Far-right Italian Interior Minister Matteo Salvini has pledged to deliver on his campaign promise to deport half a million asylum seekers from the country.
Salvini declared on Friday that one of the new government’s top priorities would be to “send them home,” signaling to keep a campaign pledge which could result in some 500,000 undocumented refugees leaving Italy.
“Open doors in Italy for good people and a one-way ticket for those who come to Italy to create commotion and think they will be taken care of. ‘Send them home’ will be one of our top priorities,” he said.
Salvini also said he would seek to convert refugee reception centers into detention centers and use public funds for mass deportations.
The head of Italy’s far-right League, a nationalist party which is part of the ruling coalition, took the tough approach hours after the new government was approved by the Italian president, Sergio Mattarella.
New Prime Minister Giuseppe Conte was sworn in on Friday as the head of the first populist government in a European Union founding member. Conte’s government, which has been forged by the anti-establishment Five Star Movement and the far-right League party, has raised concerns in some EU member states.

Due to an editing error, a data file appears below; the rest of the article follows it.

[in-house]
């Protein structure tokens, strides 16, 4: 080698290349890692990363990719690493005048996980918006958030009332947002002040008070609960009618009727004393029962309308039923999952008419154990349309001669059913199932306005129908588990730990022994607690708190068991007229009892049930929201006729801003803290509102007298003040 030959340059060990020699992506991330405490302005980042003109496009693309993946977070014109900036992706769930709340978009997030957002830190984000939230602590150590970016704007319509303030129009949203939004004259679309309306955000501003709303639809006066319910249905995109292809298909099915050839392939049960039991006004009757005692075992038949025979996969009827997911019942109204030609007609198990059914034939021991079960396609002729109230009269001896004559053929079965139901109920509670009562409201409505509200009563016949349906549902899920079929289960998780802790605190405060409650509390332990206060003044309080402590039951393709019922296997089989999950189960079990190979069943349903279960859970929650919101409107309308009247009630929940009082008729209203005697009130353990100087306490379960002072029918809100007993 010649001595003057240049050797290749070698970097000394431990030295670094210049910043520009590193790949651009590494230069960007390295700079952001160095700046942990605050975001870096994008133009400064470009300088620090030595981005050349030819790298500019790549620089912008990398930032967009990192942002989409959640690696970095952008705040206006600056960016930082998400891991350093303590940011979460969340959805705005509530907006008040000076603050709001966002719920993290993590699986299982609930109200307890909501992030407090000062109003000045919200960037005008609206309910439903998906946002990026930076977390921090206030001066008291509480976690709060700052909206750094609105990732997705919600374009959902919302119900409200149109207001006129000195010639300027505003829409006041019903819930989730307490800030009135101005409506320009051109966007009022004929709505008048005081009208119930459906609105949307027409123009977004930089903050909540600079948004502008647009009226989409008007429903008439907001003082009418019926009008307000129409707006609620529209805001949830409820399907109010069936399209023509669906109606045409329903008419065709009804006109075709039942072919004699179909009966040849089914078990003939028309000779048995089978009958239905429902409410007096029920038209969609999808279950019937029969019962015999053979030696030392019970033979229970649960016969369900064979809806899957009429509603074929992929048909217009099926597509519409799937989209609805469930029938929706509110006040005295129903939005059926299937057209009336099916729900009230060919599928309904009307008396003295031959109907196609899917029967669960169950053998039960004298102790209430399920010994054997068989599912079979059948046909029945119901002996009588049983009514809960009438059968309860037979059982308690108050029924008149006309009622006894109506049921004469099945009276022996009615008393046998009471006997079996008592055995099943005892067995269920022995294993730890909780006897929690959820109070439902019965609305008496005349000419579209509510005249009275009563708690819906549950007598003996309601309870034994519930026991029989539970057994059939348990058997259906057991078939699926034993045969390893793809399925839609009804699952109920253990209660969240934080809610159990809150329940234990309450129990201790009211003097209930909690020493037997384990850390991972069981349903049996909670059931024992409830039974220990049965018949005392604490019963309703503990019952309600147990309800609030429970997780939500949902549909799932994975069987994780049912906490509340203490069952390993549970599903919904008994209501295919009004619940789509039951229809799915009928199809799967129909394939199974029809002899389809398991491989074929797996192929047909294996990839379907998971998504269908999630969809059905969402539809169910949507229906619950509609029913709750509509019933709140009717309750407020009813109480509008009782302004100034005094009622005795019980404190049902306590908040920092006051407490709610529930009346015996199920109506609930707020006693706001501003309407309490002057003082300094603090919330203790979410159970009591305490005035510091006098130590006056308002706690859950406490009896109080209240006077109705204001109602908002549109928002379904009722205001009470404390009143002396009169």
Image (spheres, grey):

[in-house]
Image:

The 53-year-old is to lead a government that intends to cut taxes and boost welfare spending, while seeking to overhaul EU rules on immigration and budgets.
Europe has launched a string of schemes to tackle its worst refugee crisis since World War II. The continent has been hit since 2014 by an unprecedented influx of refugees who are fleeing conflict-ridden zones in North Africa and the Middle East, in particular Syria.
Many blame major European powers for the mass exodus, saying their interference has led to a surge in conflicts and terrorism in troubled regions, forcing people to flee their homes.
Some 700,000 refugees have landed in Italy over the past four years.
Libya has become a key departure point for asylum seekers trying to reach Europe by sea. Many refugees have crossed the Mediterranean to Italy over the past years, with human traffickers taking advantage of a security vacuum which ensued in Libya after the country’s longtime leader Muammar Gaddafi was ousted in a US-led invasion in 2011.
Thousands of other asylum seekers have perished in the Mediterranean.